quotes Are oil prices to blame for global inflation?

21 May 2023
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Updated 21 May 2023

Are oil prices to blame for global inflation?

The International Energy Agency (IEA) has blamed oil prices for causing global inflation.

A recent statement by the IEA said that the latest OPEC+ voluntary curbs of 1.16 mb/d to support declining prices could risk exacerbating those strains, pushing both crude and product prices higher. This would influence consumers and emerging and developing economies, especially since they are under siege from inflation and will suffer even more from higher prices.

The IEA highlighted in its Global Energy Crisis report that higher energy prices have contributed to painfully high inflation, pushed families into poverty, forced some factories to curtail output or even shut down and slowed economic growth to the point that some countries are heading toward severe recession.

In response to the IEA’s comments criticizing OPEC and OPEC+, the secretary-general of the Organization of the Petroleum Exporting Countries, Haitham Al-Ghais, said that the oil producers’ group and its allies “are not targeting oil prices, but focusing on market fundamentals.”

Al-Ghais added that blaming oil for inflation was “erroneous and technically incorrect and, if anything, will lead to future volatility.”

He said: “It is the IEA’s repeated calls to stop investing in oil, knowing that all data-driven outlooks envisage the need for more of this precious commodity to fuel global economic growth and prosperity in the decades to come, especially in the developing world.”

The rapid shift to renewable and clean energies has contributed to the oil shortage and increasing prices.

Without being biased, I believe that OPEC+’s latest voluntary cut is not a cause of global inflation. This is evidenced by the decline in average Brent crude prices to about $81.1 a barrel during the first quarter of the year compared to about $100.9 a barrel during the same quarter of last year. The price of Brent crude dropped even further to $74.17 a barrel on May 12.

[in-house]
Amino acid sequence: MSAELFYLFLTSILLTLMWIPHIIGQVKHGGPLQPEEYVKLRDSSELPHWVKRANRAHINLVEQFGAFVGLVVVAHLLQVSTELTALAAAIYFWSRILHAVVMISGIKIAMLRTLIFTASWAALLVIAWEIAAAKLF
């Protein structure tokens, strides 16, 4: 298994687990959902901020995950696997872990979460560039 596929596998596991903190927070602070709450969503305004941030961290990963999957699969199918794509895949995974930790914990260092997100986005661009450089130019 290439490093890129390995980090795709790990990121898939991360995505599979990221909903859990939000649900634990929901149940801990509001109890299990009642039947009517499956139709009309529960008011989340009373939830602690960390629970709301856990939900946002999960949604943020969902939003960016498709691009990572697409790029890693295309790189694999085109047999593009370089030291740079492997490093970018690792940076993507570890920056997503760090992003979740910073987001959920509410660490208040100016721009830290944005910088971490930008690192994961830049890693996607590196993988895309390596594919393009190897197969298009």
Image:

The rapid economic rebound following the COVID-19 pandemic, the tight monetary policies pursued by a number of Western countries, and the raising of interest rates to combat inflation have contributed significantly to global inflation.

The Russia-Ukraine war and subsequent sanctions imposed on Moscow have also contributed to the oil and liquefied natural gas shortage in the market and led to price increases, especially for liquefied natural gas.

Reducing global investment in oil exploration, climate change in various parts of the world and limited investments in new refineries have negatively impacted oil supplies.

The rapid shift to renewable and clean energies has contributed to the oil shortage and increasing prices.

I believe that IEA, OPEC, and OPEC+ should have frequent discussions and debates to reach a mutual agreement on oil market supply, demand and price behavior. This would eliminate and avoid any confusion in the market and hopefully stabilize oil prices.

Such discussions and debates on the oil market mechanism and sentiments will lead to less volatility and encourage investment in the oil industry, knowing that continuous dialog on the oil market will support global economic growth and prosperity in the decades to come in the developed and developing worlds.

Finally, it will enhance the reliability, affordability and sustainability of the energy market.

Talat Zaki Hafiz is an economist and financial analyst. Twitter: @TalatHafiz